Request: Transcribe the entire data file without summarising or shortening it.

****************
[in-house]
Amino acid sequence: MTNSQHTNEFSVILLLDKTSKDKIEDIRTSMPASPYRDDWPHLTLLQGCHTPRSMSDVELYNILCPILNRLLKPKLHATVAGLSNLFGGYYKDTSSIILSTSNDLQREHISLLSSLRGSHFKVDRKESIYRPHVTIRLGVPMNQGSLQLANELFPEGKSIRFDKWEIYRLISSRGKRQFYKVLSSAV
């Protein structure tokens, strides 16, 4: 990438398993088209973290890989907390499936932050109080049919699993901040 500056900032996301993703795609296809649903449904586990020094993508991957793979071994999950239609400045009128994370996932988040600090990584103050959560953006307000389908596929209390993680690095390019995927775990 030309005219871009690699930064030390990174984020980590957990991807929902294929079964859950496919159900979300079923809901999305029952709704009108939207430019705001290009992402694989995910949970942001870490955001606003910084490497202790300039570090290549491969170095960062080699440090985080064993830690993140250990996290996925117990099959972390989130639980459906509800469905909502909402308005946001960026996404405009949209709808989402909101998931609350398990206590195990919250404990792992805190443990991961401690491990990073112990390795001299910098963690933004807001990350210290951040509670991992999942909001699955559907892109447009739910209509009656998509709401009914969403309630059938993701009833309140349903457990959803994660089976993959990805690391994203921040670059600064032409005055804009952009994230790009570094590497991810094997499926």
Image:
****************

[in-house]
Amino acid sequence: MTNSQHTNEFSVILLLDKTSKDKIEDIRTSMPASPYRDDWPHLTLLQGCHTPRSMSDVELYNILCPILNRLLKPKLHATVAGLSNLFGGYYKDTSSIILSTSNDLQREHISLLSSLRGSHFKVDRKESIYRPHVTIRLGVPMNQGSLQLANELFPEGKSIRFDKWEIYRLISSRGKRQFYKVLSSAV
């Protein structure tokens, strides 16, 4: 990438398993088209973290890989907390499936932050109080049919699993901040 500056900032996301993703795609296809649903449904586990020094993508991957793979071994999950239609400045009128994370996932988040600090990584103050959560953006307000389908596929209390993680690095390019995927775990 030309005219871009690699930064030390990174984020980590957990991807929902294929079964859950496919159900979300079923809901999305029952709704009108939207430019705001290009992402694989995910949970942001870490955001606003910084490497202790300039570090290549491969170095960062080699440090985080064993830690993140250990996290996925117990099959972390989130639980459906509800469905909502909402308005946001960026996404405009949209709808989402909101998931609350398990206590195990919250404990792992805190443990991961401690491990990073112990390795001299910098963690933004807001990350210290951040509670991992999942909001699955559907892109447009739910209509009656998509709401009914969403309630059938993701009833309140349903457990959803994660089976993959990805690391994203921040670059600064032409005055804009952009994230790009570094590497991810094997499926």
Image: